Will FL expand summer school and extend the school year in 2020-21? State Board of Ed faces questions

3rd grader reading a book in summer school (Photo by Tim Boyle/Getty Images)

As Gov. Ron DeSantis gives the green light to open certain parts of Florida during COVID-19, K-12 public schools may be up for consideration, with education officials looking at ways for kids to return to physical classrooms and get caught up on learning.

“Summer programming expansion” will be considered in the mix of proposals  in what’s called a “COVID-19 Education Recovery Plan,” through the Governor’s Emergency Relief Funds authorized by the federal CARES Act.

The proposals also include “extended day, extended program or extended year,” in the 2020-21 academic calendar, to make sure students can get additional time and help so they don’t fall further behind.

And digital device shortages, such as laptops, and internet problems, will be discussed as well. Some families didn’t even have laptops to be able to do “distance learning” when brick-and-mortar schools closed this spring. And some kids didn’t even go online.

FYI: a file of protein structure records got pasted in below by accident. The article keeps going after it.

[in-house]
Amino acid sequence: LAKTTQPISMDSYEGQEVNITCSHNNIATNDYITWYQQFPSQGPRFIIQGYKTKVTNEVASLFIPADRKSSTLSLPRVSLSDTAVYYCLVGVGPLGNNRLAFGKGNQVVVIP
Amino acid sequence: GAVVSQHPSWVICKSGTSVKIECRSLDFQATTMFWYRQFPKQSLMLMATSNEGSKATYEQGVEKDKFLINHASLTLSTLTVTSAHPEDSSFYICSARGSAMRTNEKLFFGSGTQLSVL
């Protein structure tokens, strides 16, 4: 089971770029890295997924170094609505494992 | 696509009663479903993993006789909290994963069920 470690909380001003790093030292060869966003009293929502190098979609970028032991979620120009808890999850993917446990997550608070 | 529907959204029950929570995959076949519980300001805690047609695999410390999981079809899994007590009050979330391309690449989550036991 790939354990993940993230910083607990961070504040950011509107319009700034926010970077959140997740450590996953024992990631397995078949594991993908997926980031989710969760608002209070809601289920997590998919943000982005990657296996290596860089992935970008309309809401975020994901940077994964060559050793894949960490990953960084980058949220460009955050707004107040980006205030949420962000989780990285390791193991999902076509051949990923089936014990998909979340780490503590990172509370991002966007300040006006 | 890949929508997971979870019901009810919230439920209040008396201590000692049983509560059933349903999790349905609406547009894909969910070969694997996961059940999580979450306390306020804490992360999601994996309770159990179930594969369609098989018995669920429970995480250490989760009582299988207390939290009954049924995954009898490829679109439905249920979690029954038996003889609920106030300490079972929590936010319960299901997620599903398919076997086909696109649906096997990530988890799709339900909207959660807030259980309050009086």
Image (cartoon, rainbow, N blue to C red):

The remote learning has been challenging and studies have shown that students will likely be behind when they get back to school in 2020-21.

The Florida Association of District School Superintendents also is weighing in on how to safely reopen schools and plans to present a report at the State Board of Education meeting on Wednesday. The meeting will be held via conference call, led by Education Commissioner Richard Corcoran.

That report shows recommendations for a safe reopening of brick-and-mortar K-12 schools, which covers everything from social distancing measures to sanitation protocols.

Educators suggest supplying school buildings with digital thermometers, masks, gloves, soap, and sanitizer, to prevent potential COVID-19 infections. And if parents aren’t comfortable with their kids returning to school, they should be allowed to continue virtual learning under certain guidelines.

According to the “K-12 Return to School Recommended Guidelines,” the proposals include the development of a “Pandemic Education Response Team,” a statewide group of medical professionals “to establish the medical trend guidelines for re-opening schools” in Florida. The superintendent group will also receive guidance from the federal Centers for Disease Control and Prevention.

Large crowds in gymnasiums and on the playground during recess and buses filled with students at close quarters raise concerns for public health officials.

“The Statewide Pandemic Education Response Team may need to consider a combination of social distancing/group gathering and personal protective measures/screening protocols to best mitigate exposure to COVID-19 while planning for a return to school that ensures the safety and well-being of all stakeholders,” the group said in the report.